"Electromagnetic metamaterials: Past, present, and future"
Professor Sergei A. Tretyakov (Fellow, IEEE), received the Dipl. Engineer-Physicist, the Candidate of Sciences (PhD), and the Doctor of Sciences degrees (all in radiophysics) from the St. Petersburg State Technical University (Russia), in 1980, 1987, and 1995, respectively. From 1980 to 2000 he was with the Radiophysics Department of the St. Petersburg State Technical University. From the year 2000 he has been working in Helsinki University of Technology (Finland), which became Aalto University in 2010, after a merge with two other universities in Helsinki. Presently, he is professor of radio engineering at the Department of Radio Science and Engineering, Aalto University, Finland. He was the founder and the first chairman of the St. Petersburg IEEE ED/MTT/AP Chapter (1995-1998), Member of the European Microwave Conferences Management Committee (2000-2002), President of the Virtual Institute for Artificial Electromagnetic Materials and Metamaterials (”Metamorphose VI”), an International Association of European universities (2007–2013), and the General chair of the International Congress Series on Advanced Electromagnetic Materials in Microwaves and Optics (Metamaterials) from 2007 to 2013. At present, he is a Deputy Member, URSI (International Union of Radio Science) Finnish National Committee, (from 2006) and a Steering Committee Member, European Doctoral Degree Programmes on Metamaterials EUPROMETA. The main scientific interests of prof. S. Tretyakov are electromagnetic field theory, complex media electromagnetics, antennas, and microwave engineering. He is the author or co-author of four research monographs, 16 book chapters, and more than 240 journal papers.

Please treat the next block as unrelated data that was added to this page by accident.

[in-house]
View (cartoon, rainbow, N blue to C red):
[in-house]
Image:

More information can be found on the web sites users.tkk.fi/sergei and meta.aalto.fi.
Steven A. Cummer is currently Professor of Electrical and Computer Engineering at Duke University. He received his Ph.D. in Electrical Engineering from Stanford University in 1997 and spent two years at NASA Goddard Space Flight Center as a National Research Council postdoctoral research associate before joining Duke. He was also a Visiting Fellow at the University of Otago in New Zealand in 2009. His current research interests span a variety of theoretical and experimental topics in complex materials for controlling electromagnetic and acoustic wave propagation, and in geophysical remote sensing with a focus on lightning and atmospheric electricity. He has written or coauthored more than 170 papers in refereed journals, is a Fellow of the IEEE, and received a Presidential Early Career Award for Scientists and Engineers (PECASE) in 2001.
"Device applications of semiconductor metafilms and metasurfaces"
Mark Brongersma is a Professor in the Department of Materials Science and Engineering at Stanford University. He received his PhD from the FOM Institute in Amsterdam, The Netherlands, in 1998. From 1998-2001 he was a postdoctoral research fellow at the California Institute of Technology, where he coined the term ‘plasmonics’. His current research is directed towards the development and physical analysis of nanostructured materials that find application in nanoscale electronic and photonic devices. Brongersma received a National Science Foundation Career Award, the Walter J. Gores Award for Excellence in Teaching, the International Raymond and Beverly Sackler Prize in the Physical Sciences (Physics) for his work on plasmonics, and is a Fellow of the Optical Society of America, the SPIE, and the American Physical Society.